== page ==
His body became immersed in a flame of love, his soul filled with gentleness.
He was a living symbol of the cross for more than 50 years in the way he embraced the mystery of suffering and it is little wonder one of his main pastoral outreaches was the setting up of the famous Home for the Relief of Suffering in San Giovanni.
Certain aspects of the priestly life of the great saint stand out and are a great source of edification. St Pio the Capuchin Friar embraced the brotherhood of his priestly fraternity wholeheartedly.
In so many ways he was the Good Shepherd of Jesus Christ, especially in his living of the Sacraments of the Eucharist and Reconciliation.
His Confessional was a clinic for souls.
He became known as simply ‘The confessor’ or ‘The apostle of the Confessional’ or ‘The Martyr of the Confessional’.
He reminded people of the reality and power of evil and sin and lifted many out of the grips of such on their lives.
For Padre Pio, the Confessional and the altar were his whole life.
Padre Pio’s entire life was contained between two most brilliant lights: the altar and the Confessional.
The Sacrifice of Calvary, the Sacrament of Divine Mercy and heavenly pardon, are the visible components of Padre Pio’s fruitful priestly Mission.
Pastoral Joys and sense of humour
Even though at times Padre Pio was portrayed as being harsh, tough, cross, uncompromising, not suffering fools gladly he was also a person of deep joy at being immersed into the things of pastoral life and also had a good sense of humour. His spontaneity was enjoyed and appreciated by many. In his words “Christianity is joy and happiness and there is no need for faces to be darkened by frustration”.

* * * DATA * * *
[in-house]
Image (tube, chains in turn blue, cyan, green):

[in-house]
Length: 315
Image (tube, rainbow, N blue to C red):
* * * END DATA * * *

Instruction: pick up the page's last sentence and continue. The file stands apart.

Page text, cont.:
Above his cell door, number five in the friary in San Giovanni we read the famous lines ‘The glory of the world is always accompanied by sadness’ – a maxim taken from The Imitation of Christ. St Pio throughout his life transformed that into the other maxim ; “Servite Domino in Laetitia – Serve the Lord with joy”.
As an example of his sense of humour when commenting on the challenge of getting religious to listen to and practice the word of God he famously said:
Three things are useless:
- Washing a donkeys head,
- Adding water to the ocean,
- And preaching to sisters, friars and priests”.
I won’t say whether I agree or not!
Mottoes – guiding principles
In the world of sound byte that we live, we often search for little mottoes, short little aphorisms to sum up a person or a situation. The simple and effective and deeply wise phrase of St Pio that most captures his spirit is :
“Pray, hope and don’t worry”.
Along with that for him the two most important rules for living were:
Love of ones neighbour,
Love of sacrifice.
His famous words Pray, Hope and Do not Worry have inspired many, as have his prayers, teachings and great faith.
Legacy, Outreach beyond mortality
Reflecting on the remarkable life of this extraordinary servant of God is not just something to marvel at and admire, but in our own way might confirm us more deeply onto a saintly path that we try to navigate. In the words of the saint himself “After I die I will do so much more…. (and) …”My real mission will begin after my death”. His heavenly spirit leads the way!
Reflection on the saintly life of the holy St Pio of Pietrelcina can and does transport us and give us a lift … like that lock in Tullamore… elevate us to a higher reality so that we might be able to journey up stream to engage with whatever challenges life might bring for us in that future time on what we hope will be our journey to heaven.